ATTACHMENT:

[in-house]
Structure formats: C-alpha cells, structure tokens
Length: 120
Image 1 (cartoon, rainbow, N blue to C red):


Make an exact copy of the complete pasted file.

[in-house]
Structure formats: C-alpha cells, structure tokens
Length: 120
Image 1 (cartoon, rainbow, N blue to C red):